Employee absenteeism can’t be avoided entirely, and most people occasionally need to miss work at the last minute. But, when an employee frequently doesn’t show up, arrives late, leaves early, or takes long breaks, it can take a toll on your business’s bottom line.
It’s crucial to have clear workplace attendance policies and track absences so you can manage any problems that arise. The following tips can help you set your policy and create a tracking process.
What is Employee Absenteeism?
When an employee is absent during their regular working hours, they are considered absent whether it’s a scheduled or unscheduled absence (according to U.S. employment law). An employee is likely to ask for time off in advance for a vacation, doctor’s appointment, or event, in contrast to unscheduled absences such as an illness, caring for a sick family member, or dealing with an emergency.
The law specifies that absences are either excused, unexcused, or “no-fault.” Excused absences are approved in advance and unexcused are not. They are considered “no-fault” if the company policy allows for a set number of days off and doesn’t weigh excused and unexcused absences differently.
The Negative Impact of Absenteeism
If there’s widespread absenteeism at your company, it will cost you. Salaried employees will be paid for unworked time. Absenteeism is likely to lead to decreased productivity, quality of work, and employee retention. You may also see lower employee morale and engagement because other employees may be frustrated that they need to pick up the slack.
Keep in mind that constant absenteeism could be a sign of larger issues, like burnout, stress, depression, bullying, and low job satisfaction. If an employee frequently misses work, reach out to see how you can help. You may be able to work with them to improve their role and the company culture.
Create an Attendance Policy
To track employee absenteeism, you need to know your definition. For example, some companies only consider someone to be absent when they don’t adhere to the attendance policy. If you weigh excused and unexcused absences differently, specify what is excused and unexcused. For example, someone may have an excused absence if it’s approved a set time in advance or the person could count it toward their remaining paid time off (if it’s offered).
For legal reasons, it’s important to note that any leave that is approved under the Family and Medical Leave Act (FMLA), the Americans with Disabilities Act (ADA), and any other relevant federal or state laws doesn’t count as an absence. You may also want to note how many unexcused absences someone can have and the repercussions, in case someone files a wrongful termination lawsuit in response to any punitive employer actions.
How to Track and Measure Absenteeism
You can use employee time tracking management software to manage paid time off requests and approvals and timesheets. Your employees can simply log in to request time off in advance or log last-minute absences. This software is also helpful if you have hourly employees, bill clients by the hour, or want employees to clock in and out and track breaks.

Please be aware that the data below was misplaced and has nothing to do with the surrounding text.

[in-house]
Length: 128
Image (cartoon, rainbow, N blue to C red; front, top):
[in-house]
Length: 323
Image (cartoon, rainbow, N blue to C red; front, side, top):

There are several ways to measure employee absenteeism, but here are some of the most common:
Individual Absenteeism Rate
- Days: Divide the employee’s total unexcused absences in the specified time frame by the total workdays in the specified time frame and multiply the result by 100. If Tim has four unexcused absences in a month, the formula would be (4/20) x 100 = 20%.
- Hours: Divide the employee’s total unexcused missed hours in the specified time frame by the total work hours in the specified time frame and multiply the result by 100. If Tim has missed four full days and miscellaneous hours, the formula would be (38/160) x 100 = 24%.
Team Absenteeism Rate
- Days: Divide the team’s total unexcused absences in the specified time frame by the total number of employees multiplied by the total workdays in the specified time frame and multiply the result by 100. If your 30-person team had 20 unexcused absences in a month, the formula would be (20 / (30 x 20)) x 100 = 5%.
- Hours: Divide the employee’s total unexcused absences in the specified time frame by the total number of employees multiplied by the total working hours in the specified time frame and multiply the result by 100. If your 30-person team had 165 unexcused hours in a month, the formula would be (165 / (30 x 160) x 100 = 3%.
To evaluate your employee absenteeism rate, it’s helpful to see how it compares against the national average for your industry.
How to Decrease Absenteeism
Many companies have decreased absenteeism by increasing work-life balance. Consider adopting flexible work policies, such as:
- Flextime. Employees set their own schedule instead of working the standard nine-to-five.
- Job-sharing. Two or more employees work part-time to complete the responsibilities of one role.
- Remote work. Employees work outside of the office.
- Shift work. Employees work early or late shifts and weekends if they can’t work during the typical workday and workweek.
- Compressed workweek. Employees work more than eight hours a day multiple days a week to hit 40 hours faster. (Commonly, employees work ten hours a day, four days a week.)
- Hybrid workplace. Employees work remotely and in the office. Depending on your policy, employees must work in the office a set number of days a week, when their manager requests it, or at their discretion.
Continue to Measure and Improve Employee Performance
These tips for tracking, measuring, and decreasing employee absenteeism rates will help you improve employee performance, so your company is more successful. You’re likely to boost employee morale and engagement, which will make your company more attractive to candidates and employees. Keep up the momentum by receiving expert hiring and management advice from Monster.